Zhumell Z10 Deluxe Dobsonian Telescope Review

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Once you start going down the rabbit hole of large Dobsonian telescopes you begin to realize that there are so many out there of larger and larger proportions. You will also realize that Zhumell seems to be at the forefront of this movement creating some of the most affordable and best large-diameter Dobsonians available.

This tradition continues with the Zhumell Z10 Deluxe Dobsonian Telescope which is another quality, affordable Dobsonian that offers great performance and durability at a price almost anyone can afford.

  • Dobsonian design
  • 10” primary aperture
  • f/5 focal ratio
  • 500x highest theoretical magnification
  • 60lbs assembled weight

This telescope offers Dobsonian fans what they crave in an all-inclusive package. However, in their quest to create a gradient line of Dobsonian telescopes it almost feels as this scope occupies a space that was not needed. The Zhumell Z8 is extremely popular and a great large aperture telescope and the Zhumell Z12 is an absolute monster that occupies the highest possible end in terms of size and zoom. It feels like the Z10 is the odd one out.

Let’s dive in.

Zhumell Z10 Deluxe Dobsonian Telescope Review
  • Large aperture telescope gives great potential deep space views
  • A great array of accessories create a total package
  • Price feels like a steal for what you get
  • Most people would probably be better off getting the Z8 or Z12
  • Performs best under dark skies
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Quality Dobsonian Optics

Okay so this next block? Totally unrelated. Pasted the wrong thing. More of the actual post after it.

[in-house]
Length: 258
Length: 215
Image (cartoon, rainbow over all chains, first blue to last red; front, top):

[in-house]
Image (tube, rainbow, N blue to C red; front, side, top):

The thing you look for the most in a telescope of any size is visual quality. If a telescope looks good, feels good, smells good but performs poorly then it is nothing more than a home prop used for decoration. Telescopes of this size and price are expected to perform at a certain level and this one does.

The large 10” diameter primary mirrors give you a decent chunk of power and visual quality. With a focal ratio of f/5 and a highest theoretical magnification of 500x this telescope is designed to trawl deep space for interesting sights. Living up the moniker of a light bucket, this telescope offers an amazing light collection capability.

Zhumell says that the Z10 has a whopping 56% increase in light grasp compared to the next smallest model. This telescope is specifically designed to collect as much light as possible, process it and give you a clear visual image of distant objects.

Telescope visual quality, especially at higher magnifications, is all about how much light it can process. Telescopes simply can’t show you what they can’t see. Being able to see clearly over vast distances is all about how much light you have to work with and this telescope offers that distant light in spades.

This will make seeing faraway galaxies or nebulas easier than ever and opens up the potential to see more of these deep space sights than ever before. Users have praised its ability to see bright and vibrant nebulas during dark nights. These are more advanced and, dare I say, nebulous sights than the traditional nearby space rocks that many telescopes are geared towards.

When it comes to large reflectors geared towards deep space this scope checks all of the boxes as to what you would be looking for.

Functional and Innovative Base

The optical tube on this telescope is massive. It is 49” in length and weighs about fifty pounds on its own. Throw in the 10” diameter and you have a hulking piece of equipment to manage. This was for things like this that the Dobsonian design was invented for.

The included sturdy wood base keeps the optical tube secured, stable and functional. Without the Dobsonian base, this telescope would not be possible for the layperson. A standard tripod would not be able to handle such a large telescope.

Even so, this base not only supports the telescope but makes using it a breeze. The included altazimuth mount has specially designed bearings to make moving this telescope across the sky a very easy and comfortable experience. The movement is smooth and fluid and soon you’ll forget you are manipulating a 50lbs piece of technology.